But that transitional point in 1968-69 remains one of his greatest achievements, visually unsurpassed in his work and conceptually more daring than anything else he made. Fellini Satyricon, an adaptation of the fragmentary remnants of a Roman novel attributed to Gaius Petronius Arbiter, a courtier in Nero’s Rome, is quite unlike any other movie. The timing of the production tempts an interpretation that the film is an allegory of the ’60s, a time of social breakdown and sexual abandon – and in broad terms this may be valid. Fellini Satyricon is indeed a depiction of society collapsing into decadence, no longer able to sustain itself as a stable entity, social bonds breaking as debauchery and violence become endemic. But Fellini brings something new to the historical epic.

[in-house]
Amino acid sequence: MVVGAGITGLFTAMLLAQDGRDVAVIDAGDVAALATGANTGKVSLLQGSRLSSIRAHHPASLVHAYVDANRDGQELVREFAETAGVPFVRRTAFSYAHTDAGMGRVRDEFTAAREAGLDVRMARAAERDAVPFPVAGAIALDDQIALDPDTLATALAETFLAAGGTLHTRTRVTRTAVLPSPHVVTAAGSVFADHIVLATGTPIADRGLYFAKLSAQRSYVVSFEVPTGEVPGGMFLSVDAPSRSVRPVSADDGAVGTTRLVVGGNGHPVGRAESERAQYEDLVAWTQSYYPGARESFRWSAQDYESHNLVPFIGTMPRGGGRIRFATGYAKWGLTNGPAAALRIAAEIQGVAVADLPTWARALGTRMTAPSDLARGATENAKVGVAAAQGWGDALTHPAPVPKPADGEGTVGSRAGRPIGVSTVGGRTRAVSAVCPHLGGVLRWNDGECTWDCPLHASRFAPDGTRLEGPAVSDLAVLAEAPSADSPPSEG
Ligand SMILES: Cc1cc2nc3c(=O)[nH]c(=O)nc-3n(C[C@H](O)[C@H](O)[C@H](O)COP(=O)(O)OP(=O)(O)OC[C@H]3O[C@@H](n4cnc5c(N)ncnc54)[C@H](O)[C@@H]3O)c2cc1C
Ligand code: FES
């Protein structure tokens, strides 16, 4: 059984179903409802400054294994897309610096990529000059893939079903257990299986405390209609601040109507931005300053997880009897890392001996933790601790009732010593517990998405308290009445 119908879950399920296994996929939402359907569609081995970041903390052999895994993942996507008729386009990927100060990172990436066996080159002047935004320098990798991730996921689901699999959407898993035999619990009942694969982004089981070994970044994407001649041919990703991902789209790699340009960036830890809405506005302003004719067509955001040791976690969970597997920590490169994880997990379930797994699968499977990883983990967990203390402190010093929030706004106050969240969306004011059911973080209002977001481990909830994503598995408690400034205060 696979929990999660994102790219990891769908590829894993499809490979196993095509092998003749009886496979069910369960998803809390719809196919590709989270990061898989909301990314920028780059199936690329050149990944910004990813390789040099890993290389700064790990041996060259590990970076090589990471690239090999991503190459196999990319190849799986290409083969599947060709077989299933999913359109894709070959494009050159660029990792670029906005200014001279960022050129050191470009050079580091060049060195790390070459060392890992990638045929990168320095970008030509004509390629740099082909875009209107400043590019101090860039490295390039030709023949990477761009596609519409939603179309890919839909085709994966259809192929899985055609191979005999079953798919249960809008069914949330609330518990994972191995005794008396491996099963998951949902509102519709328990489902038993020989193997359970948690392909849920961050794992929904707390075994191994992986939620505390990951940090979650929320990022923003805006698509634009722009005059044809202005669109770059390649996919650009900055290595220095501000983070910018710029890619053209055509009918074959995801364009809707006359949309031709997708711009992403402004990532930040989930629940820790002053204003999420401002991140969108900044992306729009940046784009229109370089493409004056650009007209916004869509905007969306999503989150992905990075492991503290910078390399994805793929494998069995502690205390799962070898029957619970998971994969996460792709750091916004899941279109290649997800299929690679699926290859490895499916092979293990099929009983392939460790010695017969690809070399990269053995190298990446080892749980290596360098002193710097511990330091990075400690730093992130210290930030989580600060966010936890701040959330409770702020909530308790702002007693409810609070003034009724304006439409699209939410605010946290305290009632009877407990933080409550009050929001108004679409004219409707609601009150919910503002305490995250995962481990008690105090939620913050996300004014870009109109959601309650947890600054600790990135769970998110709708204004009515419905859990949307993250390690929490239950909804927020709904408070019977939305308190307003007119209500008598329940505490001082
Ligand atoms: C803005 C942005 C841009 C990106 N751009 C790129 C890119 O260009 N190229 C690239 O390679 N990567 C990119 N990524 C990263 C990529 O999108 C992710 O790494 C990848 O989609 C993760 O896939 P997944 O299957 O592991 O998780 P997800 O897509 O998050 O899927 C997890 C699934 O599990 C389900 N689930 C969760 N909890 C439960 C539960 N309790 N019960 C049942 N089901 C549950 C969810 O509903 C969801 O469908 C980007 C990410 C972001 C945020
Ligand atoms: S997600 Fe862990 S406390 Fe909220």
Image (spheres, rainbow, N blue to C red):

In the long tradition of movies set in the ancient world, there has always been a tendency to make the characters accessible, imbued with personalities informed by modern ideas of psychology. Fellini does everything he can to strip that psychology from the characters, to observe them as if they were members of another species who can be known only through their actions. (“I am examining ancient Rome as if this were a documentary about the customs and habits of the Martians,” he said in an interview around the time of the film’s release.) This, and the film’s visual design – sets, costumes, cinematography – transform the ancient world into an alien planet, a science-fictional “other place” which has only the most tenuous connections with the world it has eventually evolved into. The result is one of the most lushly imagined fantasies ever committed to film.